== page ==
Kelly Calmly Responds to Accusations of the Public Library’s Obsolescence

This past weekend, my library reopened in its new location. The place is beautiful, and despite all my pissing and moaning over the past three weeks, I am absolutely thrilled to have such a sweet freaking library in my town. Not to mention we now have a staff lounge so I no longer have to eat awkwardly in my car.

Being as it was a high-profile affair, politicians swarmed like sharks – Ribbon cutting! Speeches! Photographers! It’s like their P.R. wet-dream. They talked about all the work and money that the library needed, and how glad they were to see it all come to fruition. (My words, not theirs. Seriously, a third grader has a more eloquent vocabulary than these people.) But here’s the most maddening thing ever – some of the same people extolling the library’s virtues to the crowd had previously stated that “no one uses the library.” Or that our services are “obsolete.”

Funny, we didn’t seem so obsolete when there were constituents to glad-hand and cameras about. Nor did we seem obsolete to the absolute hordes of people rushing into the library. In fact, I think I can sum it up pretty well – Obsolete, my ass.

Now I know you will think I am biased; after all, I am going to grad school in the fall to become a librarian. Naturally, I want my chosen profession to stay around so I can pay off my loans to Sallie Mae without selling my left kidney. But it goes far deeper than personal finances.

It seems like every week, a new story hits about an attack against libraries in this country. New Jersey, my ancestral homeland, has been a front runner for trying to screw libraries. First it was my dickwad representative Scott Garrett trying to cut all federal funding to libraries. Happily, we shut his ass down after a massive outcry against the proposed plan. Then Chris Christie wanted to cut 74% from the state library (but millionaires needed a tax break!). Across the country, Los Angeles is trying to balance its school budget by cutting librarians from the payroll. So attorneys interrogated them in a random basement, forcing librarians to testify that their jobs are useful. SERIOUSLY, is this the goddamn Wizengamot? We’re just missing Dolores fucking Umbridge.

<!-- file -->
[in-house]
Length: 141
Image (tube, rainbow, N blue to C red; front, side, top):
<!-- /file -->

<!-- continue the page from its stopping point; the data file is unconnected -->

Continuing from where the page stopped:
Several days after this story, Seth Godin posted a condescending blog entry about the future of the library. Apparently, we are just a warehouse for dead books. Librarians need to wake the eff up and do new and exciting stuff with data instead of guarding it like a dragon guards its gold. Libraries are over, bitches!

This blog: answers his reductive analysis with far more humor and intelligence than I could muster. But I’d like to pull a quote from her excellent response “But Americans, on our rapid descent from being a world power toward become the world’s bag boy, have lost sight of what has lasting value and moved on to what has recurring monthly fees.” That is what it all boils down to in my mind – the ignorance to look only at today’s issues, without considering the long-term trajectory.

Ok, so you close a library to close the budget gap. But you are also closing the door to an America that exists only in public libraries. More than any other American institution, libraries represent equality. If you’re a patron, I don’t care how much money you make, what ethnicity you identify with, or what gender constructs you prescribe to. You ask me a question; I will do my best to help you. I can think of no other institution that works even in theory like a public library.